This project will support the continued development and maintenance of four bioinformatics software systems, all of which are used to support research on gene finding and genome annotation. The most widely used of these systems, Glimmer, is used to find genes in bacteria, viruses, archaea, and simple eukaryotes. Glimmer finds over 99% of the genes in most bacteria using a fully automated procedure. A survey of recent literature indicates that Glimmer has been used by the majority of bacterial, viral, and archaeal genome sequencing projects in recent years. This project will enhance Glimmer with several new features, including extensions to enable Glimmer's use on metagenomics data. The second system, MUMmer, is a highly efficient system for whole-genome alignment. In recent years MUMmer has been extended with packages that allow the user to align draft genomes, to align six-frame amino acid translations, and to find all single nucleotide changes between two genomes. This project will maintain and extend the software further, to enable multi-genome alignment and to identify major genomic events (inversions and translocations) more automatically. The third system, TransTerm, finds rho-independent transcription terminators in bacterial and archaeal genomes. TransTerm comprises a software package and a website containing predictions for hundreds of genomes, all of which are freely downloadable. This project will extend the software to search for anti-terminators, and to allow it to operate on incomplete genomes, which already outnumber finished genomes and are continuing to grow rapidly. The fourth system, OperonDB, includes a database and a software system that identifies operons in a collection of prokaryotic genomes using conserved synteny across species. This project will support enhancements to the software and regular updates to OperonDB. All of the software and data generated by this project will continue to be made available for free under an open source license, allowing unrestricted use by other researchers to add new functions or to wire the software into their own systems. Project Narrative (Relevance) This project supports a suite of software packages that have been extensively used in the interpretation and analysis of many pathogenic organisms, including the bacteria that cause tuberculosis, cholera, anthrax, strep and staph infections, Lyme disease, syphilis, and many other diseases. Ongoing development of this software will be of fundamental important in continuing research on these diseases, and new developments proposed here will be necessary to address the new challenges that will emerge from efforts to sequence the diverse bacteria that live in the human body.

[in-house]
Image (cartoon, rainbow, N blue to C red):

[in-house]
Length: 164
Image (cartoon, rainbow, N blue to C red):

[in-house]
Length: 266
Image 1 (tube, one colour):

National Institute of Health (NIH)
National Institute of General Medical Sciences (NIGMS)
Research Project (R01)
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Study Section
Special Emphasis Panel (ZRG1-BST-Q (01))
Program Officer
Anderson, James J
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University of Maryland College Park
Biostatistics & Other Math Sci
Schools of Arts and Sciences
College Park
United States
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